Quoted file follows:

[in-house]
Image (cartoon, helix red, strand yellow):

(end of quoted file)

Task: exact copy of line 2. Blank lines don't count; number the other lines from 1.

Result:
Image (cartoon, helix red, strand yellow):